Balloon powered cars
Self-propelled wooden boats
Working together with craftsman Ilias Karantoniou, kindergarten and summer camp kids created self-propelled wooden boats! After production was over, they used babies’ plastic swimming pool to test them!
What is in a TV?
Dorothy Snot kindergarten kids open a number of TV monitors to find out what’s in there!
How does it rain? Let’s experiment!
In school bus kids started a discussion about how does water gets included into the clouds and where does it come from?
First, we noted on paper our thoughts and thought about the continuous circular movement of water. We talked about the global water cycle and wrote down the phrase, in Greek.
Afterwards, we experimented over the phenomenon of condensation and found out that our breath is hot air. Blurring the windows of the school bus with our breaths, helped us realize how air changes into liquid.
Then we played by creating patterns on the windows. Some children recognized the same happens in their bathroom.
The experimentation thrilled children and their interest continued at home. So, Despina brought us a photo she took out of the experiment she made in home with a glass and ice cubes.
We also studied the opposite phenomenon, evaporation, in which water is converted into air. We all remembered, from our daily life, when mom spreads out wet clothes to dry. At the same time we threw water on our trousers to see what happens and how quickly it dries.
Back in class, school bus children continued to experiment on evaporation during cleaning the blackboard with a wet sponge. They wrote something on the board using the wet sponge and shortly after it was lost! Rest children of the class liked the experiment and asked to write with a wet sponge, too. As you can imagine, we ended having the cleanest blackboard in school!!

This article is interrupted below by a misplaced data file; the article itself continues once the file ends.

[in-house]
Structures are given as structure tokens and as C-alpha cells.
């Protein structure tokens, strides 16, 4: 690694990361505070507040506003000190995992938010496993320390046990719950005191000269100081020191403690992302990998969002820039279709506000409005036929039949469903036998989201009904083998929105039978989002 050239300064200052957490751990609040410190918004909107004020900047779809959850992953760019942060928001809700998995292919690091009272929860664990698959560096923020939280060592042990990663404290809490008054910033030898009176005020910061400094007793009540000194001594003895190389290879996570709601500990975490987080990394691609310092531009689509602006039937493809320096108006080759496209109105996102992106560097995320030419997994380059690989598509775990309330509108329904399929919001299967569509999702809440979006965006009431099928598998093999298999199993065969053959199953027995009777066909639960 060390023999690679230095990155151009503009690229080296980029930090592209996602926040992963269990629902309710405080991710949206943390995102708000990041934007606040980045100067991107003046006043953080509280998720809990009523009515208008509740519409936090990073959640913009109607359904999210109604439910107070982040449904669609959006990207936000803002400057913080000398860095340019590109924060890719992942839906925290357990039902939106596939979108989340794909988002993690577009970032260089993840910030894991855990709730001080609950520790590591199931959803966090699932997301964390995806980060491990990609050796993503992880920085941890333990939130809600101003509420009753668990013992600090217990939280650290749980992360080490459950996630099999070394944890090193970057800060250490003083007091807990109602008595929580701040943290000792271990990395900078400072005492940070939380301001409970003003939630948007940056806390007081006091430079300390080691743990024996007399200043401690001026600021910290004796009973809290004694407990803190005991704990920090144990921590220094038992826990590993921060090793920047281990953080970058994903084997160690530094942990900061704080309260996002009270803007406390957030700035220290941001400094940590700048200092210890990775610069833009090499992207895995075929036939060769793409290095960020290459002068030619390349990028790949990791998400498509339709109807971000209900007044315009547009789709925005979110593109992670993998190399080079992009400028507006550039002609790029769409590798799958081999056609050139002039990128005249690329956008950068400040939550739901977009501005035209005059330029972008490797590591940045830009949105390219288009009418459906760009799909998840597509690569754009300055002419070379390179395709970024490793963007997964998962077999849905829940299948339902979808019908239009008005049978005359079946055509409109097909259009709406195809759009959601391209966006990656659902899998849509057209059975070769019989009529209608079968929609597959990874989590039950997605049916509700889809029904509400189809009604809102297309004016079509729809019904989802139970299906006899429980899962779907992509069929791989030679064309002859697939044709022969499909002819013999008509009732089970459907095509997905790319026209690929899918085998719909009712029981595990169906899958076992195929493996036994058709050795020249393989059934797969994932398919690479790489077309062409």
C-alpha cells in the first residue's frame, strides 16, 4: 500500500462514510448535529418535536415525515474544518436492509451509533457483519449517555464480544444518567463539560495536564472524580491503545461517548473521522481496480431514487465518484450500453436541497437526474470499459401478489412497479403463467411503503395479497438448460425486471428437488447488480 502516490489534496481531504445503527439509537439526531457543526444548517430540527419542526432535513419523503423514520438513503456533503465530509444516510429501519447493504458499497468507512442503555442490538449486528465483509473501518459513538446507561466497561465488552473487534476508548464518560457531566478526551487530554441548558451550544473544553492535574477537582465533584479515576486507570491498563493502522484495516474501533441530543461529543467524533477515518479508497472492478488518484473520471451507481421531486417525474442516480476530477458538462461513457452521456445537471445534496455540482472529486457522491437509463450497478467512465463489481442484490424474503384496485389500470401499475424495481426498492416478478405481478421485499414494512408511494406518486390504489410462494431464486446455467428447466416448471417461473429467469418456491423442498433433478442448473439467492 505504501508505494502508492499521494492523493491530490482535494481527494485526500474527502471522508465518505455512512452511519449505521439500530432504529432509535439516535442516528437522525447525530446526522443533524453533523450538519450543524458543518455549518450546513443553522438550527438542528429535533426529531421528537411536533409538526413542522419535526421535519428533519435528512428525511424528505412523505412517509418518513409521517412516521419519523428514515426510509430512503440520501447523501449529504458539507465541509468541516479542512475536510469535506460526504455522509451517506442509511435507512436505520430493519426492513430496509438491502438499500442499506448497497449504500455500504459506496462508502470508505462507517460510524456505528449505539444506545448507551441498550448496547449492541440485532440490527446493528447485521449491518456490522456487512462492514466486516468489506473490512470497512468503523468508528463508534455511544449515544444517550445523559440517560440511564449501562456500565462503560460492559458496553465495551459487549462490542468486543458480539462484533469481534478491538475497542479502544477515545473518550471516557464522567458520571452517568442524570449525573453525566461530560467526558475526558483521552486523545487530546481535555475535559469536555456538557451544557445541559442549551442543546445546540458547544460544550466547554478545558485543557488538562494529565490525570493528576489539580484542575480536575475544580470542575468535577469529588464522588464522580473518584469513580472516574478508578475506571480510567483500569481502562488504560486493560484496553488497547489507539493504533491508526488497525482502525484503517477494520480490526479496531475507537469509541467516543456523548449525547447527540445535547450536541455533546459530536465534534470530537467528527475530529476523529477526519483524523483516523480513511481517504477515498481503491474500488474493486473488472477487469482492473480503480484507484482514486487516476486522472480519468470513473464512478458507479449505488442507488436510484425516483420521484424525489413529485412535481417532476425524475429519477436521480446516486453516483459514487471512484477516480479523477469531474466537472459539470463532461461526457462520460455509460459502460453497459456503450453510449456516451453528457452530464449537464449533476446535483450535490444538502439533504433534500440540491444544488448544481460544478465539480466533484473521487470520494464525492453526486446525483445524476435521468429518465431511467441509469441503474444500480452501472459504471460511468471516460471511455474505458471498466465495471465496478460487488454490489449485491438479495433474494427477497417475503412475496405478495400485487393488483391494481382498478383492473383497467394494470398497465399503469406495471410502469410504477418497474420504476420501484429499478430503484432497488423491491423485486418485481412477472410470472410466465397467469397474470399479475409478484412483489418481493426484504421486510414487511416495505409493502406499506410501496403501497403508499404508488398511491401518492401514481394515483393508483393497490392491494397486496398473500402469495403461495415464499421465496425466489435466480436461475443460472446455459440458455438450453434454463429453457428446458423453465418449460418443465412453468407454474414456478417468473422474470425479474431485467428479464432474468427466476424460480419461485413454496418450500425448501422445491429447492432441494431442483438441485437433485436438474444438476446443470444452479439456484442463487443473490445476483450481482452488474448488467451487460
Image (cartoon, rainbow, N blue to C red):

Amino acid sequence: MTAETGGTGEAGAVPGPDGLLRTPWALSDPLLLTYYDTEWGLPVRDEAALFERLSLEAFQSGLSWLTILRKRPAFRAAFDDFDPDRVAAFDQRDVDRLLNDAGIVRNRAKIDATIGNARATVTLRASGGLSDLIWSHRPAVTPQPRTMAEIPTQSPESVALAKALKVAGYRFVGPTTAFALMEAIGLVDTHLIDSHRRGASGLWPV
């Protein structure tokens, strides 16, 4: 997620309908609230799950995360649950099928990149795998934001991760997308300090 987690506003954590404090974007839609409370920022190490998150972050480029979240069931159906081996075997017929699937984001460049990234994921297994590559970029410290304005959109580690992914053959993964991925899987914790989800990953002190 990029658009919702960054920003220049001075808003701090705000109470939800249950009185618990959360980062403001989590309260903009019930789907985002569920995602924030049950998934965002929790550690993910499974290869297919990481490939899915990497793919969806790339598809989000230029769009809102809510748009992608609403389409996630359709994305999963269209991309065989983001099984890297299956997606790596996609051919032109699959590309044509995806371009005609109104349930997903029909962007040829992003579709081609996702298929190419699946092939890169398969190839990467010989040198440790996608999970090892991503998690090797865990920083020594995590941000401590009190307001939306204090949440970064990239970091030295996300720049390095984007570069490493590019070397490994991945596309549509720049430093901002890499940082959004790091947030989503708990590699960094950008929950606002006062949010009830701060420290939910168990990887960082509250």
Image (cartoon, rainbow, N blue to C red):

(by Eleni Triantafyllopoulou, bus school teacher in Athens)
Why not the whole universe
When we looked through our big plastic telescope, we noticed something very strange: everything had turned upside down!
So, we asked help from Yannis, an amateur astronomer!
He brought his professional telescope, let us see the sun through it and answered all our questions.
Children grabbed the opportunity to make constellations on the ground with sand and small stones.
But why not even form the whole universe!
(by Spyridoula Patouna, teacher in pre-K class in Athens)
An I-don’t-want-it-to-end game!
Something special happened in pre-K class!
Everyone brought his or her favorite doll or teddy and turned it into an astronaut!
The space suit was made from aluminum foil.
When all astronauts were ready, went to the roof top of the school and flewwwwwww!! (wearing parachutes for protection)
An I-don’t-want-it-to-end game!
(by Spyridoula Patouna, teacher in pre-K class, in Athens)
Bus time is questions’ time!
Dimitris asked a question in school bus: “what happens when we mix red and blue color?” So, the experiment began!
We mixed red and blue color with water, separately, in two different cups.
Then, we made a “paper bridge” for each cup, which transported red and blue into a third cup!
Next day we observed the results of the experiment. Now we had blue, red and a third color!
Then we used all three colors to paint!
(by Eleni Triantafyllopoulou, teacher and bus escort in Athens school)
Exploring space in pre-K
During their “exploring space” project, children in pre-K class did a number of things…
Constructed their own telescopes to watch the stars…
Created their own planets, based on what they read about in books…
Also constructed the moon: used everyday materials to make the shape of a circle and then painted it white by using glue, shaving foam and glitter!
Their next mission: teddy bear visits the moon!
(by Spyridoula Patouna, teacher in pre-K class)
When you are 4 y.o. you ask questions, all the time. Never ending, unlimited questions .
Questions like these lead us to look for answers about space.
Today, our children experiment space by creating paper planets. Tomorrow, they may go visit them!
There must be always a way!
After all, astronomy is a science – and we never say never to science!!!
(by Charitini Stavroulaki, teacher in pre-K class in Athens)